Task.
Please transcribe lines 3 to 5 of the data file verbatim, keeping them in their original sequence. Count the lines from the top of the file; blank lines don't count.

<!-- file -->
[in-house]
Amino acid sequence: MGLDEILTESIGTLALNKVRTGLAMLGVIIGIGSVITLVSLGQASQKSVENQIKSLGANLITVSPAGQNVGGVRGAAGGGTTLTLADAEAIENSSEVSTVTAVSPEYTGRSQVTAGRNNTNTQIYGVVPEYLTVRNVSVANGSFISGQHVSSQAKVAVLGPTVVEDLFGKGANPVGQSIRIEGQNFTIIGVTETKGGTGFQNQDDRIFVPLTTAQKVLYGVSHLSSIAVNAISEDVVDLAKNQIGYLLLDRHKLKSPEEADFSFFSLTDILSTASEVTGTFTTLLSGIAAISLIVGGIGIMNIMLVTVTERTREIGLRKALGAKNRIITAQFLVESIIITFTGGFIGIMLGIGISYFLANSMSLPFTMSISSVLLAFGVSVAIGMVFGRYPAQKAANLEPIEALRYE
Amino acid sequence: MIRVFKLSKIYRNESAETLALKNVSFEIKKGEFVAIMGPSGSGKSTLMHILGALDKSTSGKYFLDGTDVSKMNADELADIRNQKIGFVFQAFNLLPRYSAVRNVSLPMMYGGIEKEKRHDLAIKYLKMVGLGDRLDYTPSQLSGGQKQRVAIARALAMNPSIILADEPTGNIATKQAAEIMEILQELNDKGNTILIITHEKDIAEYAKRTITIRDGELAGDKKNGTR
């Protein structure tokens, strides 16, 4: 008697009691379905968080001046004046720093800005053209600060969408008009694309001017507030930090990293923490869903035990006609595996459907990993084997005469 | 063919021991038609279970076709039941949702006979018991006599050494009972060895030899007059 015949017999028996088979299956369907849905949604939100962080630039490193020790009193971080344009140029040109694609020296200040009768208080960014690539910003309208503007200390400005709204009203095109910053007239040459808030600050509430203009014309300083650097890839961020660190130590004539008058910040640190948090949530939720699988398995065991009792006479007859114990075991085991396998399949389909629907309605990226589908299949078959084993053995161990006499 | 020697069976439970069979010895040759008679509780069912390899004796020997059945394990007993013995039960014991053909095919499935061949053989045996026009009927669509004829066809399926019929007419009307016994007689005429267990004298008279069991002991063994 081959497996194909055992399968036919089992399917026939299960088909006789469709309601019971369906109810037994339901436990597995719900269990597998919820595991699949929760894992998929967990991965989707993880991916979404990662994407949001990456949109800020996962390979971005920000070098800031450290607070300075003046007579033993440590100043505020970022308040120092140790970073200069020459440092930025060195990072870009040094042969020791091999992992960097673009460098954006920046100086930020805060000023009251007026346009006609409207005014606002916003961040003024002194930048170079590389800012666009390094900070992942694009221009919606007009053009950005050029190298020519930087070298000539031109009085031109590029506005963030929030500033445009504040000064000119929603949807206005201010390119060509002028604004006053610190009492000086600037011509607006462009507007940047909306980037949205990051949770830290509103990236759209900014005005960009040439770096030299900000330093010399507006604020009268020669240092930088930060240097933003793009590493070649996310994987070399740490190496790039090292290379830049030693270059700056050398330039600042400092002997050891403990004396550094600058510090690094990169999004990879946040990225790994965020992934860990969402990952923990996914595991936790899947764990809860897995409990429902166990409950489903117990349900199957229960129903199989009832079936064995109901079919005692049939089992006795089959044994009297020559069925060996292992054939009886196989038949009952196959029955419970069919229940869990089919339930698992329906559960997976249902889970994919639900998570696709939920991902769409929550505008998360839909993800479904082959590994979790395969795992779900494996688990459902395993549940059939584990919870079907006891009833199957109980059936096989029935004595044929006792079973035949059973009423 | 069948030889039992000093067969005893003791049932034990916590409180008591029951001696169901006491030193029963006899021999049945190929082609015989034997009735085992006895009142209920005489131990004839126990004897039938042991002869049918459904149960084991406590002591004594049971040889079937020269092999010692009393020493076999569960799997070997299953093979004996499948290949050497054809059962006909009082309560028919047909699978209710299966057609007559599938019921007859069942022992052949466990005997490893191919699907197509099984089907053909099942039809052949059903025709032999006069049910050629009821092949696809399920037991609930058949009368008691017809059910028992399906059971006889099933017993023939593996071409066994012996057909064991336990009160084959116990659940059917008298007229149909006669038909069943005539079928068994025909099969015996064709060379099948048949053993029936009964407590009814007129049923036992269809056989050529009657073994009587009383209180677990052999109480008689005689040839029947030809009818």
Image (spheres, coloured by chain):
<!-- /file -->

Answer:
Amino acid sequence: MIRVFKLSKIYRNESAETLALKNVSFEIKKGEFVAIMGPSGSGKSTLMHILGALDKSTSGKYFLDGTDVSKMNADELADIRNQKIGFVFQAFNLLPRYSAVRNVSLPMMYGGIEKEKRHDLAIKYLKMVGLGDRLDYTPSQLSGGQKQRVAIARALAMNPSIILADEPTGNIATKQAAEIMEILQELNDKGNTILIITHEKDIAEYAKRTITIRDGELAGDKKNGTR
């Protein structure tokens, strides 16, 4: 008697009691379905968080001046004046720093800005053209600060969408008009694309001017507030930090990293923490869903035990006609595996459907990993084997005469 | 063919021991038609279970076709039941949702006979018991006599050494009972060895030899007059 015949017999028996088979299956369907849905949604939100962080630039490193020790009193971080344009140029040109694609020296200040009768208080960014690539910003309208503007200390400005709204009203095109910053007239040459808030600050509430203009014309300083650097890839961020660190130590004539008058910040640190948090949530939720699988398995065991009792006479007859114990075991085991396998399949389909629907309605990226589908299949078959084993053995161990006499 | 020697069976439970069979010895040759008679509780069912390899004796020997059945394990007993013995039960014991053909095919499935061949053989045996026009009927669509004829066809399926019929007419009307016994007689005429267990004298008279069991002991063994 081959497996194909055992399968036919089992399917026939299960088909006789469709309601019971369906109810037994339901436990597995719900269990597998919820595991699949929760894992998929967990991965989707993880991916979404990662994407949001990456949109800020996962390979971005920000070098800031450290607070300075003046007579033993440590100043505020970022308040120092140790970073200069020459440092930025060195990072870009040094042969020791091999992992960097673009460098954006920046100086930020805060000023009251007026346009006609409207005014606002916003961040003024002194930048170079590389800012666009390094900070992942694009221009919606007009053009950005050029190298020519930087070298000539031109009085031109590029506005963030929030500033445009504040000064000119929603949807206005201010390119060509002028604004006053610190009492000086600037011509607006462009507007940047909306980037949205990051949770830290509103990236759209900014005005960009040439770096030299900000330093010399507006604020009268020669240092930088930060240097933003793009590493070649996310994987070399740490190496790039090292290379830049030693270059700056050398330039600042400092002997050891403990004396550094600058510090690094990169999004990879946040990225790994965020992934860990969402990952923990996914595991936790899947764990809860897995409990429902166990409950489903117990349900199957229960129903199989009832079936064995109901079919005692049939089992006795089959044994009297020559069925060996292992054939009886196989038949009952196959029955419970069919229940869990089919339930698992329906559960997976249902889970994919639900998570696709939920991902769409929550505008998360839909993800479904082959590994979790395969795992779900494996688990459902395993549940059939584990919870079907006891009833199957109980059936096989029935004595044929006792079973035949059973009423 | 069948030889039992000093067969005893003791049932034990916590409180008591029951001696169901006491030193029963006899021999049945190929082609015989034997009735085992006895009142209920005489131990004839126990004897039938042991002869049918459904149960084991406590002591004594049971040889079937020269092999010692009393020493076999569960799997070997299953093979004996499948290949050497054809059962006909009082309560028919047909699978209710299966057609007559599938019921007859069942022992052949466990005997490893191919699907197509099984089907053909099942039809052949059903025709032999006069049910050629009821092949696809399920037991609930058949009368008691017809059910028992399906059971006889099933017993023939593996071409066994012996057909064991336990009160084959116990659940059917008298007229149909006669038909069943005539079928068994025909099969015996064709060379099948048949053993029936009964407590009814007129049923036992269809056989050529009657073994009587009383209180677990052999109480008689005689040839029947030809009818």
Image (spheres, coloured by chain):